High hopes at Hanson
It is an interesting time for Hanson. The building materials company might generally be quieter than its size and scale would suggest – it is after all a member of the FTSE-100 with a market capitalisation of more than £3.5bn – but change is in the air.
Its share price has been steadily creeping up in the past 12 months.
It has ranged from a low of 358p in July last year, to a high of 541p in February this year, with shares levelling off at 483p at the close
of trading last week. Hanson’s strengthening position can partly be explained by solid financial results, but also because the market is hopeful that the US Congress will pass a bill creating a compensation fund for asbestos sufferers, thus limiting Hanson’s liabilities. That would significantly slacken the shackles that have been holding the company back, with liabilities last year standing at $400m (£210m).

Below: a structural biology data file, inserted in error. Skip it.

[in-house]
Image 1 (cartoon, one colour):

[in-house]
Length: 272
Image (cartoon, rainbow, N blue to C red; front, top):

Observers of Hanson say the potential removal of this millstone would allow the company to really take off, but as a result it would be open to the threat of an unwelcome takeover approach.
All the UK’s big heavy materials companies – Tarmac, Blue Circle, RMC and Aggregate Industries – have been snapped up by international companies. Hanson would be the last one to fall. It is very possible that its current aggressive acquisition plans are a
bid to bulk up and defend itself against any unwanted advances.
Last month it bought Thermalite, a UK manufacturer of aircrete lightweight concrete blocks, for £120m from Etex.
Alan Murray, Hanson’s chief executive, said at the time that this was just part of a plan to grow through “bolt-ons,” and that it was actively pursuing others.
Last week Hanson’s shares dropped 3% to 483p, but this reflected the general fate of equities, which have suffered the ripple effect from falls at Wall Street and poor corporate results in the US.
Elsewhere in the sector, McCarthy & Stone had a poor week, dropping 8.6% to 585p after it sounded a cautious note when reporting its interim results. Overall the construction and building materials sector fell 1.4% to 3357 compared with a 0.9% drop in the All-Share Index to 2433.
Angela Monaghan is business editor
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